2015 Ralph Peck Lecture – May 1


Ali Khademhosseini

Join the Department of Chemical and Biological Engineering for the 2015 Peck Lecture on Friday, May 1, 2015 at 3:15 p.m. in the Perlstein Hall Auditorium. The 2015 distinguished lecturer will be Ali Khademhosseini, professor of medicine at Harvard Medical School and director of the Biomaterials Innovation Research Center at Brigham and Women’s Hospital, Harvard-MIT Division of Health Sciences and Technology, MIT, Cambridge, MA, Wyss Institute for Biologically Inspired Engineering, Harvard University, Boston, MA. His talk is entitled, “Engineered Hydrogels for Regenerative Medicine Applications.”

A reception will follow the lecture. This event is free and open to the Illinois Institute of Technology community. For more information about the Peck Lecture Series click here.

Earn Engineering Themes Credit in Health for attending this lecture.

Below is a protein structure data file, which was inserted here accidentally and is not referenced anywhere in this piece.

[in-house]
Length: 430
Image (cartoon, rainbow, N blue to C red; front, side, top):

Engineered materials that integrate advances in polymer chemistry, nanotechnology, and biological sciences have the potential to create powerful medical therapies. Our group aims to engineer tissue regenerative therapies using water-containing polymer networks, called hydrogels, that can regulate cell behavior. Specifically, we have developed photocrosslinkable hybrid hydrogels that combine natural biomolecules with nanoparticles to regulate the chemical, biological, mechanical and electrical properties of gels. These functional scaffolds induce the differentiation of stem cells to desired cell types and direct the formation of vascularized heart or bone tissues. Since tissue function is highly dependent on architecture, we have also used microfabrication methods, such as microfluidics, photolithography, bioprinting, and molding, to regulate the architecture of these materials. We have employed these strategies to generate miniaturized tissues. To create tissue complexity, we have also developed directed assembly techniques to compile small tissue modules into larger constructs. It is anticipated that such approaches will lead to the development of next-generation regenerative therapeutics and biomedical devices.